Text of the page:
The terrifyingly specific phenomenon that makes your jaw glow green

Did you know that working around a certain chemical can make your jaw glow green and have to be chopped off? Not your teeth. Not your bones. Not your head. Your jaw. Learn what happens when biochemistry gets terrifyingly specific.

Around the mid-1800s the first instances of "phossy jaw," cropped up. It wasn't called phossy jaw at first. It was just a terrible disease that seemed to afflict mostly those who worked in a factories that manufactured matches. It began as generalized pain in the jaw and swelling of the gums. Then abscesses would crop up along the jaw, and more and more bone would be exposed. The bone would glow in the dark. That got people's attention, but not as much as the people who had to have their jaws amputated in order to prevent infection from spreading to the rest of the body.

It didn't take long before researchers narrowed down the culprit for this particular ill - the new chemical known as yellow (now called white) phosphorus. Eventually, the manufacture of white phosphorus in everyday materials was stopped, and proper safety standards were put in the few places that still did use the chemical. But the horror of "phossy jaw" remained. The horror wasn't just due to the physical devastation that phosphorus caused, but to the element of the bizarre. If a chemical is inhaled it might damage the lungs. If it is touched it should poison the skin. If it enters the entire body, it might poison the whole body or work best in one tissue or organ. But how could it specifically single out the jawbone? Why, of all the places in the body, did it only show up there? If you had read, in a novel, about a poison that made the jaw bone glow, would you believe it?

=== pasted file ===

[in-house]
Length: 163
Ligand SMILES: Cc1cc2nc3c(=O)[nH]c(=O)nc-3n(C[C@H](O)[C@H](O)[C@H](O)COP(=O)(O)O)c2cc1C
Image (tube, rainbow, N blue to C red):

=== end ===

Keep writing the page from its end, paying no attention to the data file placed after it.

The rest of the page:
Phosphorus has the ability to affect tissue this way because of the way bone is maintained in the body. Although it seems static and unchanging, bone is thinning, thickening, breaking and repairing all the time. Two major cells responsible for this are osteoclasts and osteoblasts. The osteoclasts are the cells that break down bone and, in a way, ingest it. The osteoblasts build it back up. The break down and build up of bone is crucial to keeping the tissue healthy. Phosphorus binds to bone. Osteoclasts break down that bone tissue and assimilate it. The chemical poisons them and they die, and so bone no longer gets broken down. Bone "turnover," or rejuvenation, stops. In some tissues, this turnover rate is naturally higher than others, and jaw, particularly the tissue around the teeth, has a high turnover rate. The osteoclasts get poisoned, the process stops, and the tissue sickens and dies in the most gruesome and bizarre way possible. Sometimes fiction doesn't hold a candle to life.

Image: Sebastian Ritter

Via RDH Magazine and NCBI.